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April 16, 2004
On April 13, 2004, CHARLES R. BANNAN JR., beloved husband of Billie J. Bannan, loving father of Charles R. Bannan III, Kristian S. Bannan, Elizabeth A. Shek and Suzanne M. Gottschalk and William D. Bannan, cherished grandfather of Charlie Aidan, Graham, Anthony, Zoe and Abby Bannan, Karsyn and Natalie Shek, Finn and Max Gottschalk, loving brother of Patricia M. Ruby. Friends and family are invited to call at the Schimunek Funeral Home Inc., 610 West Mac Phail Road (Route 24) on Friday from 3 to 5 and 7 to 9 P. M where a funeral service will be held on Saturday 10 A.M. Interment Bel Air Memorial Garden.
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SPORTS
By Edward Lee, The Baltimore Sun | October 7, 2010
Denver defensive lineman Justin Bannan has searched for a reason to get angry for Sunday's meeting between the Broncos and the Ravens, and his search has yielded nothing. "I wish I could say, 'They treated me like crap, and I hate everybody, and I can't wait to come back and get my revenge.' But it's really not like that," the former Raven said. "I've got nothing but good things to say about the city of Baltimore and the fans and the organization. It's hard to say anything bad when they treated you so well.
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SPORTS
By Edward Lee and Edward Lee,edward.lee@baltsun.com | September 25, 2008
Defensive linemen are fond of saying they work in the trenches. The Ravens' Justin Bannan has actually dug them. As a teenager growing up in Fair Oaks, Calif., Bannan spent every summer excavating ditches, building houses and pouring concrete for his father's construction company. The labor was intensive and backbreaking, Bannan said. "I was the low man on the totem pole," he said. "I had an older brother [Jason]. Any bad job there was to get, I got it. There were a few jobs that I can remember that were brutal, especially out in Sacramento in that heat when you had 107-, 108-degree days."
SPORTS
By Edward Lee and Jamison Hensley | January 21, 2010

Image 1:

No matter what happens with the collective bargaining agreement, Justin Bannan understands that his future with the Ravens is an uncertain one. The defensive tackle is scheduled to become an unrestricted free agent next month, and he said he is unsure of his plans. "This is a part of the business," Bannan said this week. "It sends you a lot of mixed feelings. Everything is uncertain, and sometimes it's tough to live that way. You don't know where you're going to be or if you're going to be here.
SPORTS
By MIKE PRESTON | October 12, 2008
Colts C Jeff Saturday vs. Ravens DT Justin Bannan Saturday is a great technician and runs extremely well. He can make blocks deep into the second level. He has a good rapport with quarterback Peyton Manning, and he is a major key to the Colts' running game. Bannan has started every game in 2008 in place of Kelly Gregg. He plays with power and explosiveness, and is a load to move off the ball. If Bannan can control Saturday, the Ravens can bottle up Indianapolis' running game. Edge: Saturday: Colts WR Reggie Wayne vs. Ravens CB Frank Walker Wayne seems to have replaced Marvin Harrison as the Colts go-to receiver.
SPORTS
By Edward Lee and Edward Lee,SUN REPORTER | January 4, 2007
Everybody's a critic. Especially when it comes to movies. So it's no surprise that after polling Ravens players on their all-time favorite films, the answers are as diverse as the players themselves. Even nailing down the team's No. 1 cinephile isn't easy as tight ends Daniel Wilcox and Quinn Sypniewski, fullback Nick Luchey and defensive tackle Justin Bannan each staked a claim for the unofficial title. AFC divisional playoff Ravens vs. TBA (Colts or Patriots or Jets), Jan. 13 or 14
SPORTS
By Edward Lee and Edward Lee,edward.lee@baltsun.com | August 10, 2009